Advancing Practical Physics in Africa’s Schools

Babalola, Femi (2017). Advancing Practical Physics in Africa’s Schools. PhD thesis The Open University.



In countries with a long tradition of laboratory based teaching, practical work is seen by many teachers as an essential aspect of their practice. It is widely accepted that practical work not only enables skills acquisition but also leads to greater conceptual understanding. However, whilst there has been much research into the factors that affect teaching and learning of practical science across the economically developed countries, there has been little research into the existing conditions and the factors which affect teaching and learning of practical physics in African schools. This study provide the description of the present position and an analysis of possible beneficial interventions to the teaching and learning of practical physics in African secondary schools. The issues are relevant to all educational sectors.

Qualitative and quantitative data were collected from four countries in Africa. Surveys were carried out with 550 final year secondary school students and 44 secondary school physics teachers. Qualitative data were gathered from focus group discussions with the students and semi-structured interviews with; physics teachers, heads of science departments, school principals and ministry officials. Other key stakeholders including physics curriculum planners, physics educationalists from the tertiary institutions and voluntary Institute of Physics coordinators were also interviewed. The survey data were analysed numerically to produce descriptive statistics while qualitative data were transcribed and coded to provide easy retrieval of the themes that emerged.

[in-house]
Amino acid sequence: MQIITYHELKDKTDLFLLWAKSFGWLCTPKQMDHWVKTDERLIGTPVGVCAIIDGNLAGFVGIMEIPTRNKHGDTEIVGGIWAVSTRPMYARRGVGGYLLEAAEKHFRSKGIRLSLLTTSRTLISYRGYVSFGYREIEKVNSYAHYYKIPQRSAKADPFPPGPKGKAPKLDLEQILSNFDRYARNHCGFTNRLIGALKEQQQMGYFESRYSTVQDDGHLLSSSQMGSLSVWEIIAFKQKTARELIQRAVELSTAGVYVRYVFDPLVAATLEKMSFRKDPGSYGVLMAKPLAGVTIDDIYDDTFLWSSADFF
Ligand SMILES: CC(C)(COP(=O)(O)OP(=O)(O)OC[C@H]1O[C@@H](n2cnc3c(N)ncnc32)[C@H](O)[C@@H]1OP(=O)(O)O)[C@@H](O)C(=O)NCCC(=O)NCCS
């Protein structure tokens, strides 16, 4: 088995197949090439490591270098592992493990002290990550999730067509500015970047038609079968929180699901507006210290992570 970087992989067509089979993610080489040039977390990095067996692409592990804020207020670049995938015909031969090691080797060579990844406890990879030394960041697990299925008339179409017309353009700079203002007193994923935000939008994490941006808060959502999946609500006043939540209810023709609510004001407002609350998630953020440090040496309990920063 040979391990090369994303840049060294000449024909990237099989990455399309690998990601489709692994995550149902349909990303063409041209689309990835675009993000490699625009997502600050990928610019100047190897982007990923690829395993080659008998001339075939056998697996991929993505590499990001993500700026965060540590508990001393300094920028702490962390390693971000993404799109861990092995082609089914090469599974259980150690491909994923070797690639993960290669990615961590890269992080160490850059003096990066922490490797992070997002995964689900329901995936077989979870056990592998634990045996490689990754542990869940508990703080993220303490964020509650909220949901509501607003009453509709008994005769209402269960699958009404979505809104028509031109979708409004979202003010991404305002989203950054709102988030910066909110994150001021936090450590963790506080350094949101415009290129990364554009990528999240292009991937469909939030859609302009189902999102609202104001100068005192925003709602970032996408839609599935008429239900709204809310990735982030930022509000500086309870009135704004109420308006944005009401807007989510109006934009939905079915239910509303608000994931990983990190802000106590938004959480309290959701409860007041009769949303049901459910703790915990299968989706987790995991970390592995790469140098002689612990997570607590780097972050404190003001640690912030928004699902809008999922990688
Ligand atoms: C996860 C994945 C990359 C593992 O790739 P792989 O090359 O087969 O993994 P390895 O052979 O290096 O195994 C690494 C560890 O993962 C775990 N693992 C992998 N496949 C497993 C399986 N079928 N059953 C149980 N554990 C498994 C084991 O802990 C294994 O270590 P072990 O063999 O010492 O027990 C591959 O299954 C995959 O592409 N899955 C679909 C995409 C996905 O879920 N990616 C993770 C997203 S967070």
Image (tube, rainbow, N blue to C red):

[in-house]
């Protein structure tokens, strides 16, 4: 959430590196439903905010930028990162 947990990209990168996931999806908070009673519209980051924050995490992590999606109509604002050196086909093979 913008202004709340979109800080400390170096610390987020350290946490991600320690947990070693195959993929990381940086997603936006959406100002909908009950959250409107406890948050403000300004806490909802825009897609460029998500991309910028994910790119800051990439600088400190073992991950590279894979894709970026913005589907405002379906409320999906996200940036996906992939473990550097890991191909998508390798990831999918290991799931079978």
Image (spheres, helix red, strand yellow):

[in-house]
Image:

The findings from the study reveal that there is a wide gap between practice in developed countries and the countries studied. This gap is attributable to many factors, some of which are predictable, e.g. various resource constraints. Other factors include ambivalent or negative teacher and pupil attitudes with prioritisation of ‘theory’ and a limited interest in or awareness of the importance of inquiry. These factors underlie the lack of practical physics assessment in some countries in Africa which is a further disincentive to practical physics engagement.

Based on the findings of this study, nine recommendations were made. Countries wishing to improve practice should undertake a broadly based audit of existing practice taking into account the full range of barriers and drivers. The physics curriculum should be reviewed to explore reduction of content to allow teachers spend time on practical activities. Initial training and continuous professional development of physics teachers should prioritise teaching of practical physics. Assessment of practical skills should be required for qualification and used formatively. Government funding should be allocated to build, equip and maintain adequate school laboratories. Physics teachers should be encourage to adopt the use of learning technologies and open source software in the teaching and learning of practical physics. Physics teachers across Africa should be encouraged to use social media to develop a closer association that will spread effective practice. Teacher motivation should be enhanced by recognition of success in the delivery of practical physics. Students should be encouraged and motivated to learn practical physics by placing employability and relevant inquiry in the foreground.

This single study could only provide limited data on teaching across the continent. Further investigation is required before the conclusions could be generalised with complete confidence.

Viewing alternatives

Download history


Public Attention

Altmetrics from Altmetric

Number of Citations

Citations from Dimensions

Item Actions